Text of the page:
"Object! Object!" blustered Grandfather Fernald. "And why, pray, should he object?"
They need not, however, have dreaded the news for after careful examination the eminent specialist had decided to take a single desperate chance and operate with the hope of success. Laurie, they were told, was a monument of courage and had the spirit of a Spartan. Unquestionably he merited the good luck that followed for fortune did reward his heroism,â€”smiling fortune. Of course, the miracle of health could not come all in a moment; months of convalescence must follow which would be unavoidably tedious with suffering. But beyond this arid stretch of pain lay the goal of recovery.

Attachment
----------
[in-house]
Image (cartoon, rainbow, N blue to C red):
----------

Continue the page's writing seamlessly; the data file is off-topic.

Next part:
"Mercy on us!" gasped the newcomer with amazement. "You have been busy! Why, I had no idea there were such possibilities in this place. The room is actually a pretty one, isn't it? We shall be able to fix you up snug as a bug in a rug here." He ran his eye quickly about. "If you put your bunk between the windows, you will get plenty of air. You'll need window shades, some comfortable chairs, a bureau, a tableâ€”â€”"
Throughout the long summer afternoon Ted worked on, fitting up his new quarters. Not only did he make a comfortable bunk for himself such as he had frequently constructed when at logging or sugaring-off camps in Vermont, but having several boards left he built along the racks originally intended for canoes some shelves for the books he meant to bring from home. By late afternoon he had finished all it was possible for him to do and he decided to go to Freeman's Falls and join his own family at supper, and while there collect the possessions he wished to transfer to the shack.